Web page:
1 Massey University, Albany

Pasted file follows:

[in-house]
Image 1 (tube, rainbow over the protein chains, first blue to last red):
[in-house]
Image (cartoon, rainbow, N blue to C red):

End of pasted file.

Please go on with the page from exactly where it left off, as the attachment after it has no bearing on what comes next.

Cognitive ability and personality influence how animals perform essential tasks, such as foraging, predation and defence. Cognition comprises the mechanisms by which animals acquire, process, store and act on information from the environment; these mechanisms include perception, learning, use of memory and decision-making. Animal personality describes behavioural variation between individuals of a species which is consistent over time and context. Personality traits include aggression, boldness and neophilia, some of which are heritable. To date, personality has predominantly been studied in vertebrates. However, invertebrates also possess personalities and are excellent model species, due to their short life spans, abundance, small size and less complex central nervous systems. My doctoral research will explore the influence of personality and cognition on antagonistic interactions between Aussie bronze jumping spiders (Helpis minitabunda), their predators and their prey. Jumping spiders can be trained and are visual hunters, which makes them suitable candidates for vision-based, controlled experiments. I will assess the cognitive abilities and personality traits of laboratory-raised H. minitabunda, and subsequently assess how those traits influence the spiders’ behaviour in inter- and intra-species interactions. I will also evaluate whether cognitive and personality traits influence individual fitness. Further, I will assess whether communities of animals possess a stable balance of personalities and cognitive styles, comprising a personality and cognitive “landscape”, and whether these landscapes differ between populations. Finally, I will ask what part cognitive style and personality play in successful self-introduction of a species to a novel environment.